Adsorption modeling

Adsorption isotherm is the study of the relation between the amounts of adsorbate, adsorbed on the surface of adsorbent and temperature. Adsorption isotherm was studied by Langmuir-Hinshelwood model to know the rate constant of adsorption of MG on combustion derived CF nanoparticles. In the present study Langmuir [41] and Freundlich [42] adsorption isotherm models are used to investigate the adsorption of MG on combustion derived CF nanoadsorbent. Figure 9a, b gives the Langmuir and Freundlich adsorption isotherm graphs. The results are well in accordance with Langmuir model (R 2 = 0.978) than the Freundlich model (R 2 = 0.831) values obtained. Therefore, we have elaborated the discussion on the Langmuir model.
Fig. 9

a Langmuir, b Freundlich adsorption isotherms

Langmuir isotherm

This model gives an insight into the specific number of sites where the adsorption can take place and to quantify the amount of adsorbate adsorbed on the nanoadsorbent at a given temperature. Also it helps to find whether the adsorption is of monolayer or multilayer adsorption. The Langmuir equation is given in the following equation.
$$\frac{{C_{\text{e}} }}{{Q_{\text{e}} }} = \frac{1}{{Q_{\text{o}} b}} + \frac{{C_{\text{e}} }}{{Q_{\text{o}} }}$$

Where C e is the equilibrium concentration (mg/L), Q e is the amount of dye adsorbed at equilibrium, Q o is the monolayer adsorption capacity and b is the energy of adsorption constant called as Langmuir constant. Figure 9a gives Langmuir plot of C e/Q e verses C e which is a linear graph. R 2 value = 0.978 obtained from the graph confirms the applicability of Langmuir isotherm thus concluded that it involves monolayer adsorption with no lateral interaction between the adsorbed molecules.

The Langmuir constants Q o and b were determined from the slope and intercept of the plot and value shows the maximum adsorption capacity produced from the saturated monolayer coverage of adsorbate molecule on the adsorbent surface.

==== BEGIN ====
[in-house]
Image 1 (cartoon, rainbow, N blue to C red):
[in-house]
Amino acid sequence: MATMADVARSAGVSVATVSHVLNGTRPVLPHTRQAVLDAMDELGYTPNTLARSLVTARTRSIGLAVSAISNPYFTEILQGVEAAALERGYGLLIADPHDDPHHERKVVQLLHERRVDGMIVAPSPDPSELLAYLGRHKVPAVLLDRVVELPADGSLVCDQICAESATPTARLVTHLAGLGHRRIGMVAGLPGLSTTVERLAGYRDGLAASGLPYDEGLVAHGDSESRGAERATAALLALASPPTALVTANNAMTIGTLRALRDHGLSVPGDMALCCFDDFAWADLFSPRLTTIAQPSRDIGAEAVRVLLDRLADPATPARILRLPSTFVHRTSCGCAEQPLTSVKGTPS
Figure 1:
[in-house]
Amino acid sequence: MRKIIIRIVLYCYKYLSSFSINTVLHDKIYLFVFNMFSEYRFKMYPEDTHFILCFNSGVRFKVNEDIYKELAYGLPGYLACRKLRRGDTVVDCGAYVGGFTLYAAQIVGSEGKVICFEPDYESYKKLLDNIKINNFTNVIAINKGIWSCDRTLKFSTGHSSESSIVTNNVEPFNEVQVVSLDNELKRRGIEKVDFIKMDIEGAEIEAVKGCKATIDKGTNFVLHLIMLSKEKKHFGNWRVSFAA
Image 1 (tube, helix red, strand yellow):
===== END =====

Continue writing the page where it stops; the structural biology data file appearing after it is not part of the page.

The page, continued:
To confirm the favorability of the adsorption process another parameter called equilibrium parameter R L also called separation factor, was calculated from Langmuir’s equation as follows.
$$R_{{{\text{L}} }} = \frac{1}{{1 + bC_{\text{o}} }}$$
where C o is the adsorbate concentration. The R L value obtained from the graph will helps us to conclude the favorability of adsorptions. For favorable adsorption R L should be between 0–1 and > 1 shows unfavorable adsorption. We obtain the slope = 1/Q o = 0.00829 and the intercept = 1/Q o b = 0.0085. Therefore Q o = 120.62 and the b = 0.9749 and the R L = 1/1 + bC o = 0.09. The present studies shows that R L = 0.09 which is very much in agreement with the favorable conditions for adsorption. The adsorption capacity for the CuFe2O4 is found to be 22 mg/g [43].

Adsorption kinetics

Kinetics of adsorption is an important characteristic in explaining the efficiency of sorption. It explains solute uptake rate, which in turn governs the residence time of the reaction [44]. In order to understand the reaction mechanism of adsorption of malachite green on copper ferrite nanopowder is studied by both Ist order (Fig. 10a) and pseudo 2nd order kinetics (Fig. 10b) are studied and is explained as follows. For Ist order kinetics,
$$r = \frac{{ - {\text{d}}c}}{{{\text{d}}t}} = \frac{{k_{\text{r}} KC}}{{\left( {1 + KC} \right)r}}$$
where r is the rate of adsorption, k r is the adsorption coefficient of the reactant, K is absorption coefficient of the reactant and C is the reactant concentration. But when C is very small, the above equation can be expressed as
$$r = \frac{{ - {\text{d}}c}}{{{\text{d}}t}} = k_{\text{r}} KC = kC$$
where k is the first order rate constant. When t = 0, C = C o. therefore the above Eq. (10) becomes
$$\frac{{\ln C_{\text{o}} }}{C} = kt$$
Fig. 10

a Pseudo first order. b Pseudo second order kinetics plot for the adsorption of MG on to the copper ferrite